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CENTERVILLE -- The images of shattered communities in Japan are stunning. The stories of loss -- heartbreaking.
So, is there a point at which we tune out because it is too overwhelming?
"Donor fatigue" or "disaster fatigue" can affect us if we feel exhausted by the severity or the number of disasters.
"My heart is filled with gratitude for the people of Utah," said Etsuko Chidester. She is not seeing "donor fatigue" in Centerville.
Where: Founders Park, 300 N. 100 East, Centerville
When: Saturday, March 19 -- 9 a.m. to 4 p.m.
**All proceeds will go to earthquake and tsunami victims in Japan
She helped organize a private fundraiser at Founders Park Thursday. Hundreds of people showed up with household items and baked goodies to donate. They also opened their wallets to help the people of Japan.
Chidester served a mission in the areas worst hit by the tsunami and put the event together with a friend.
"We both received so many phone calls from people we know, asking 'what can we do to help?'" she said.
Those at the fundraiser say they feel a connection to the Japanese people through Japanese friends in their own community.
Anytime anything happens, everybody needs help. I hope people will be there all the time.
"Anytime anything happens, everybody needs help. I hope people will be there all the time," said Kathy Wilkinson, a neighbor of Chidester and contributor to the fundraiser.
But the donations for relief in Japan are coming in slower than for other recent major disasters.
Americans have donated $87 million to Japanese relief efforts so far. That's less than half of the $210 million donated to Haiti in the same time period and less than a fifth of the $457 million raised for Katrina in the first six days.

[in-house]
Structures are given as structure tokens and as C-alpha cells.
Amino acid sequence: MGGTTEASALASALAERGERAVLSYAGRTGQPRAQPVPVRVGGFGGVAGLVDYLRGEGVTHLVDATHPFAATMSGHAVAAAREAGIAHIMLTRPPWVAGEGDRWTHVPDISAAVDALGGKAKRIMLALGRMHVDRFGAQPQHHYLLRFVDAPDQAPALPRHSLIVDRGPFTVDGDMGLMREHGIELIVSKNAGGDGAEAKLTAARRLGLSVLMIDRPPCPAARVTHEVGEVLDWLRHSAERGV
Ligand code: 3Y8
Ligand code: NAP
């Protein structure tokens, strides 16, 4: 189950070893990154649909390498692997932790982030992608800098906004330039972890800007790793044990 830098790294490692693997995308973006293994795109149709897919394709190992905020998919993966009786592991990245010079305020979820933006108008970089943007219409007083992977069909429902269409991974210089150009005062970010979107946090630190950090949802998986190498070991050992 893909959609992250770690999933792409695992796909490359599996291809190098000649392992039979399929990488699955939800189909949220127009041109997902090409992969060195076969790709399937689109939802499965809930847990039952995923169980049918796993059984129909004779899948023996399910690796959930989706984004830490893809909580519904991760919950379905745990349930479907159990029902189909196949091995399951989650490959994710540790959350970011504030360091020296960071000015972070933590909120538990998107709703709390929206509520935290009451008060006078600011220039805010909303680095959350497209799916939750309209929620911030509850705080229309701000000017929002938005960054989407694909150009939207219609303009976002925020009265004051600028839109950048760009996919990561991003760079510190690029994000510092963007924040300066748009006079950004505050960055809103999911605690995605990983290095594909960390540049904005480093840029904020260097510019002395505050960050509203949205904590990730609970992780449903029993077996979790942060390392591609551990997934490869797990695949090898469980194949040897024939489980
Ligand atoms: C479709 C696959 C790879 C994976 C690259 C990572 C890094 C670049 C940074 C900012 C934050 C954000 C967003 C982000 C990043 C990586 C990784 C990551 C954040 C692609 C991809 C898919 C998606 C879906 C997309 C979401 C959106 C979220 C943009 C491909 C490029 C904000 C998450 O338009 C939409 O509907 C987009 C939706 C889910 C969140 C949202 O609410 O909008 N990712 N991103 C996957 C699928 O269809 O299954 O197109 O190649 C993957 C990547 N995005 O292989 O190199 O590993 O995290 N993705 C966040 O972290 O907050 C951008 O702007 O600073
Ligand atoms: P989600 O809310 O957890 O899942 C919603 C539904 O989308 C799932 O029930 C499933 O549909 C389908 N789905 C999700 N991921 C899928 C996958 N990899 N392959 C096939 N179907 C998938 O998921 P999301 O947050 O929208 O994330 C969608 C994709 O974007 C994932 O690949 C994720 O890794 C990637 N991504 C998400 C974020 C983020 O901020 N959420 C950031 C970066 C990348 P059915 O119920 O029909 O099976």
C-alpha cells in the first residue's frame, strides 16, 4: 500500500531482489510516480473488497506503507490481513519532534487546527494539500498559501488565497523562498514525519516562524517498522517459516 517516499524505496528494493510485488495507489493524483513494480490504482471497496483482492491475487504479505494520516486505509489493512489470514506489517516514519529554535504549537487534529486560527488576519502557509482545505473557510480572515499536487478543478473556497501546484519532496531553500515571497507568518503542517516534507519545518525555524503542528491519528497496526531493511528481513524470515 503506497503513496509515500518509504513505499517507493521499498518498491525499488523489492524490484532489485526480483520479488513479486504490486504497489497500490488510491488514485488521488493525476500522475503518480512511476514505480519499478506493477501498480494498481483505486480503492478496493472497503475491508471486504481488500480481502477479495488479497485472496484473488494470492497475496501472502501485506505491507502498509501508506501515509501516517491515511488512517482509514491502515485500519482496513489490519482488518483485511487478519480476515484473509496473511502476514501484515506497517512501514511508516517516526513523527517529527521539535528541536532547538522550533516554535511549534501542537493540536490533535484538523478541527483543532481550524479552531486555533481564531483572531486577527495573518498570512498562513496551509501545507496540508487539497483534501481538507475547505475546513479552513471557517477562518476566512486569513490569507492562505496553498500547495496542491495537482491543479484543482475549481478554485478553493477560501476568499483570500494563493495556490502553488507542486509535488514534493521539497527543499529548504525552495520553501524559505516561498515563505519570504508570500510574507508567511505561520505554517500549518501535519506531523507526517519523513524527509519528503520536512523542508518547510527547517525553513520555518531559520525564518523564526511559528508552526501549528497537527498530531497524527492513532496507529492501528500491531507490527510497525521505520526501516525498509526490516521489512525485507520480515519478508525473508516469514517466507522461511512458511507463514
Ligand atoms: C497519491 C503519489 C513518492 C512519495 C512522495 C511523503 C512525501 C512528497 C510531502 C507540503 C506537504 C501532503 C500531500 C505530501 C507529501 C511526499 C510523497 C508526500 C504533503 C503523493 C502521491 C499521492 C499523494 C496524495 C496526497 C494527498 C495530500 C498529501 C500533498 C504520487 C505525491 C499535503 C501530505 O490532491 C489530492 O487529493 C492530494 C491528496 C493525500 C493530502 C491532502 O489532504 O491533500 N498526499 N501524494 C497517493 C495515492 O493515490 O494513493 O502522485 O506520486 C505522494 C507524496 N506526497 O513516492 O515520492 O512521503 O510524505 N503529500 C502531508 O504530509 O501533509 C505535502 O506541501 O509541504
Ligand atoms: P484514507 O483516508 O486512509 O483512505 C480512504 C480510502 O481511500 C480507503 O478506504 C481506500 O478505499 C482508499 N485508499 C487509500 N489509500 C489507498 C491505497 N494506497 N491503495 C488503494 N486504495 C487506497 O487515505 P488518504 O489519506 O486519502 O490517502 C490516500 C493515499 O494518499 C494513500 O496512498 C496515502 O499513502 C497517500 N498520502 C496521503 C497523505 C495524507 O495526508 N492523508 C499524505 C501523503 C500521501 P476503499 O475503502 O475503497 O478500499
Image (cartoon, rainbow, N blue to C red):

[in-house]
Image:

One week ago, the day the earthquake and the tsunami struck Japan, ksl.com had more than 1.5 million page views. Thursday, it was down to 328,000.
"I don't think there any way to guard against donor fatigue," said Teresa Zundel, communications director for the Utah Region of the American Red Cross. "We experience it with every disaster."
The American Red Cross has raised nearly three-quarters of the American total, and is pleased with the generosity of the people of Utah and throughout the country.
"There have been so many disasters this last year," Zundel noted. "We had Haiti, we had flooding throughout the United States, now we've got Japan and the Pacific. People get tired and they give what they can, and we really appreciate that."
The Japanese Red Cross expresses tremendous gratitude for all of the donations and compassion from the American people.
While ongoing financial contributions will be so important to help the Japanese people survive this disaster, Chidester says, what people give from their hearts is just as important.
"I really don't care how much money we can collect," she said. To see people's kindness is more important to us."